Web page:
10 Best Open-source Self-hosted Collaborative Text Editors Alternative to Google Docs


Collaborative writing is a term referred to team and group of writers involving in writing and editing the same document or writing project.

The project can be an essay, a technical documentation, a book or  a research paper.

When groups and teams members join together in a writing project, They often face the challenge of choosing a tool.

Are you a researcher, book writer or a novelist? Maybe you are a technical writer or a software developer who works with a team.  It's essential for you and your team to choose the right tool for the job.  So according to your use-case what's your best option? That's what we are trying to answer in this article.

Who needs collective writing?

  1. Book writers
  2. Researchers
  3. Screenwriters
  4. Software engineers and developers
  5. Historians
  6. Students

Many prefer to choose a free cloud service like Google Docs, Microsoft cloud office or Zoho. However, some may require to have their project managed by a self-hosted solution and free to make sure they are in control as they own their data.

So here in this article, we will offer the best open-source alternatives that can be used to offer a unique collaborative writing experience.

CryptoPad demo (src: CryptoPad)

Self-hosted collaborative text editors

  1. Etherpad

    We have picked Etherpad first not just because its powerful text editing capabilities but also its powerful communication tools which ease the teamwork.

    Etherpad has a rich commenting system with parent-child reply options. It also offers a video conferencing option for the team members editing the same document.

    In addition to previously mentioned features, Etherpad comes with import/ export functionalities, modular system with an ecosystem with 250+ plugins and over all it's easy to install and use.

    We have covered all Etherpad features in this article.

  2. Hackpad

    Hackpad is a real-time web-based Etherpad wiki engine.  So basically you have an Etherpad version on fire with more collaborative tool.

    Thu, the project is not in active development for 3 years. But it has a solid community behind it.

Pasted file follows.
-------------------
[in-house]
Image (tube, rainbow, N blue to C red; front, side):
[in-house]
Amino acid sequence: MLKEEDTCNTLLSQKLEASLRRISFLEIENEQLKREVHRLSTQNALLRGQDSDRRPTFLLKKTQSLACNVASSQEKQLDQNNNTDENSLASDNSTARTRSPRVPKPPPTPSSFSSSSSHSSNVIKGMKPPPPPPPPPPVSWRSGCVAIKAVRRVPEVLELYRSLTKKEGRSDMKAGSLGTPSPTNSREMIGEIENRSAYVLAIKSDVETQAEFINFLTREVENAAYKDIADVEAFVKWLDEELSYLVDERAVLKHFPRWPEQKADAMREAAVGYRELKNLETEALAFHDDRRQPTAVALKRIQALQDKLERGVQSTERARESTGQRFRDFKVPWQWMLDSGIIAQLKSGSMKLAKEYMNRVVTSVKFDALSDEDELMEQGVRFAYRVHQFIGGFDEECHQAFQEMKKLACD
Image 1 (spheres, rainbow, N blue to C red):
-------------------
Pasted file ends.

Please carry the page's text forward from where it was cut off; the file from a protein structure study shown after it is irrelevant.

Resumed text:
3. CryptoPad

    CyrptoPad is a decentralized open-source cloud collaborative document management system. It offers set of tools for teams starting from rich text, code and sheet editing to presentation management, polls, whiteboard manager, and kanban boards.

    It's the only ultimate alternative for Google doc, sheet and presentation apps mentioned in this article.

    Furthermore, CryptoPad is secure as it's built to maintain user's privacy. It's private but not anonymous.

    CryptoPad is based on ChainPad real-time engine which is a real0time collaborative editor algorithm based on Nakamoto Blockchains.

  4. Wiki.js

    Wiki Engines are a collaborative writing platform by default. However, we would not pick any Wiki for you. We choose Wiki.js simply because it's a lightweight solution with rich-features set for the enterprise and professional teams.

    Wiki.js is an easy-to-install modular system with multiple editors options as it support markdown, WYSIWYG, HTML editor, and LaTeX.

    It offers a rich collaborative experience with solid versioning control system, a user management with access control and page rules.

    In Medevel.com we really like Wiki.js as we recommend it to our enterprise clients, If you are interested to know why do we like it, please refer to this article: Wiki.js: A Modern Open-source Wiki Engine for the Enterprise.

    Although, Wiki.js does not real-time collaborative options or flexible import/ export options, it's a great tool for writing online documentation or web-based writing documents.



  5. BookStack
    Bookstack is a lightweight content management system for Wikis and book writers/ editors.  Despite the name it can be used for all sort of collaborative writing projects.